For any smooth continuous surface it is known that only lines of curvature $ (\psi=0, \pm \pi/2, \pi...) $ have zero geodesic torsion, ( time being keeping aside great circles on a sphere) :

$$\tau_g= (\kappa_1- \kappa_2) \sin \psi \cos\psi $$

For a minimal surface we have $$\kappa_1<0,\,2 H =(\kappa_1+ \kappa_2)=0, \, \tau_g = H\, \sin 2 \psi =0 $$

So on a minimal surface all geodesics have zero Torsion, a result extremely easy to establish.

For torsion

$$\tau_g= (\kappa_1- \kappa_2) \sin \psi \cos\psi \rightarrow (-\kappa_1- \kappa_2) \sin \psi \cos\psi, $$

and likewise when the latter vanishes we have two real possibilities for Torsion-free geodesics on minimal surfaces:

$$ H=0 ,\tau_g=0, \kappa_g=0 $$

Since $H$ is a factor of $\tau_g$ both vanish together.

Torsionless geodesics on a catenoid of revolution:


Is this statement true in general? If so, what are Differential Geometry textbook references? If not, what could be conceptually incorrect in this context?

Thanks for your comments or answers.

They are indeed not torsionless. However, not deleting background of this, what appears to be a pitfall.

For normal curvature

We have all possible curvatures $(\kappa_n, \tau_g) $ positive and negative combinations nicely depicted on a Mohr's circle scalar diagram applicable for either positive or negative signs of Gaussian curvature $ K=\kappa_1 \kappa_2$.

$$ \kappa_n= (\kappa_1\cos^2\psi + \kappa_2\sin ^2\psi ) \rightarrow (-\kappa_1 \cos^2\psi + \kappa_2\sin ^2\psi) ,$$

When the latter vanishes we have two real directions of asymptotes defined by $ \psi_{1,2}= \tan^{-1}\sqrt{\kappa_1/\kappa_2}$.The parameter lines are either parallel or perpendicular to arc for principal directions of curvature, defined by this angle.

So changing sign of $\kappa_1$ in this manner is a valid.

In addition, these are valid for $\tau$ depiction in bi-polar coordinate representations relevant to curvature. iso-$\tau$ bipolar coord patches

Representation of $(\kappa_n, \tau_g ) $ for negative Gauss curvature is sketched below using Mohr's circles of curvature.

H=0 & geodesics seems to discuss the topic but not clear where it is of direct relevance.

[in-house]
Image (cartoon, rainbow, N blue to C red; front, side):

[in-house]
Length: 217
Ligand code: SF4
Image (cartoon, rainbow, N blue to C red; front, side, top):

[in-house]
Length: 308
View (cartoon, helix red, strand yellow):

K>0 & K<0 Mohr Circles

In this discussion about sign of curvature,combination of geodesics and new a scalar curvature $ \kappa_{n Meta} $ I am defining as:

$$ \kappa_{n Meta} = -\kappa_1 \cos^2 \psi + \kappa_2 \sin^2 \psi $$ result in revolved cusped surface Barrels ( different initial conditions) imaged below.They have an important common invariant $ a^2= K\cdot r^4$ whose significance is not yet clear to me.


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    $\begingroup$ You made a sign mistake (who didn't do it at least once?). In the formula for the geodesic torsion we have the difference of principal curvatures, and in the mean curvature their sum. $\endgroup$ – Ivan Izmestiev Jun 2 '17 at 9:42
  • $\begingroup$ Suggestion: it is really hard to figure out what exactly is your question here. You ask "Is this statement true in general?" But I am entirely unsure to which statement you refer. And how general is general? Are you looking for statements about curves in (minimal) submanifolds of a manifold? $\endgroup$ – Willie Wong Jun 9 '17 at 18:26
  • $\begingroup$ Statement put in bold face. For minimal surfaces at least in R^3 whether geodesics have no torsion? $\endgroup$ – Narasimham Jun 9 '17 at 21:15
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    $\begingroup$ Seems to me that even on the catenoid, most geodesics have torsion. Think about taking the circular geodesic about the neck and peturbing the starting direction a small amount - the resulting geodesic should look locally like a helix. $\endgroup$ – Anthony Carapetis Jun 13 '17 at 5:28
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    $\begingroup$ Yes, principal curvatures change the sign if you take the opposite unit normal. But they do this simultaneously. $\endgroup$ – Ivan Izmestiev Jun 14 '17 at 6:53

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